Victorian Landcare Magazine - Winter 2019, Issue 75

Why parks are important for our health

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Above Heather Beever and Ib Smith visit one of the many huts in Victoria’s Alpine National Park.

By Tanya Smith


Traditional Owners have recognised the critical connection between Country and health for thousands of years. Scientific research in Australia and internationally is now also revealing that nature-based solutions can help us address many of the health challenges we are facing.

In 2015, a Deakin University review of international research found more than two hundred studies (mostly undertaken between 2008–2015) that showed contact with nature makes people physically and mentally healthier.

The findings revealed that access to safe, high-quality green space benefits people across every stage of life, enhancing their physical, mental, social and spiritual health and wellbeing. Accessing parks and green spaces may be particularly beneficial for specific community groups, including Aboriginal and Torres Straight Island people, those from culturally and linguistically diverse communities and people with disabilities.

The evidence connecting parks and health is substantial and provides a strong justification for promoting and investing in parks as settings that enhance the health and wellbeing of community members at all ages.

According to Shauna Jones, Manager Health and Community Activation at Parks Victoria, the vision of Healthy Parks Healthy People is the foundation of how Victoria’s parks are managed and planned.

“Simply spending time in safe, thriving parks can help us become more active, reduce our stress levels, recover faster from illness or injury, boost our immune system, and foster social connections that contribute to our wellbeing,” Shauna said.

From left, Amber and Jessica Smith enjoying some active play in Maldon Historic Area.

Above: From left, Amber and Jessica Smith enjoying some active play in Maldon Historic Area.

Health challenges on the rise

Unprecedented social, demographic and environmental changes pose a number of risks to our health and wellbeing, creating an increasing economic burden to governments and communities.

Non-communicable diseases such as diabetes, cardio-vascular disease, depression and anxiety are among the fastest growing health and cost burdens. Increasing urbanisation and changing lifestyles have resulted in people spending less time in nature, doing less physical activity, and becoming more stressed and socially isolated. As a result:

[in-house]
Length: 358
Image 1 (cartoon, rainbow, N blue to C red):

• More than half of the Australian population is either sedentary or has a low level of exercise, leading to an increased rate of obesity and overweight;

• Children are exercising less, with just one-third meeting the benchmark for good health of 60 minutes of physical activity per day;

• Around 1.7 million Australians have diabetes. It is the fastest growing chronic condition in Australia. More than 100,000 Australians have developed diabetes in the past year and the majority of these are preventable through improved lifestyle;

• An estimated 45 per cent of Australians will experience a mental health condition in their lifetime. In any one year, around one million Australian adults have depression, and more than two million have anxiety;

• Social disengagement and isolation is an increasing concern for youth, new migrants and rural and remote populations.

Healthy parks mean healthy people

We know that parks are important for the conservation of native plants and wildlife. Less understood are the numerous economic, social and environmental benefits that people and communities receive.

Parks provide essential services such as clean water and air, climate regulation, pollination of crops and coastal protection. Our parks are rich with biodiversity, containing many species of flora and fauna of cultural and scientific value to society.

Urban and national parks and waterways provide places for physical exercise, relaxation, play, learning and discovery. They enrich us with a sense of place and spiritual connections. They help children to form a lifelong relationship with nature.

Ros Hart and David Stratton enjoy using a Parks Victoria beach wheelchair at Wilsons Promontory National Park.

Above: Ros Hart and David Stratton enjoy using a Parks Victoria beach wheelchair at Wilsons Promontory National Park.

Every year, millions of Victorians visit parks to walk, exercise, play, cycle, enjoy nature and wildlife observation, camp, and socialise with family and friends. In providing these settings, parks are a highly cost-effective contributor to preventing and treating a variety of growing public health issues.

Tanya Smith works for Parks Victoria.

For more information: email

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By Tanya Smith